Efficacy of forced smoking cessation and an adjunctive behavioral treatment on long-term smoking rates

Robert C. Klesges, C. Keith Haddock, Harry Lando, G. Wayne Talcott

Research output: Contribution to journalArticlepeer-review

65 Scopus citations

Abstract

This study evaluated the efficacy of a 6-week forced ban on smoking and brief behavioral counseling on long-term smoking rates. Participants were active-duty enrollees in U.S, Air Force basic military training over a 1-year period (N = 25,996). All participants were under a 6-week ban from tobacco products, and 75% were randomized to a brief smoking cessation intervention, with the other 25% randomized to a control condition. At 1-year follow-up, 18% of smokers were abstinent; women, ethnic minorities, and those intending to stay quit at baseline were more likely to be abstinent. Among smokers not planning to remain abstinent at baseline, those receiving the intervention were 1.73 times more likely to be abstinent. Over time, substantial smoking initiation occurred among nonsmokers (8% of never smokers, 26% of experimental smokers, and 43% of ex-smokers). Forced cessation is associated with good levels of long-term cessation, and brief behavioral interventions enhance cessation in certain subgroups.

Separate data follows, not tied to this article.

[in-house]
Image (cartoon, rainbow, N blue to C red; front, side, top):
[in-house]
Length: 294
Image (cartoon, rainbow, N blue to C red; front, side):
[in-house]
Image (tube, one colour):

Original languageEnglish (US)
Pages (from-to)952-958
Number of pages7
JournalJournal of consulting and clinical psychology
Volume67
Issue number6
DOIs
StatePublished - 1999

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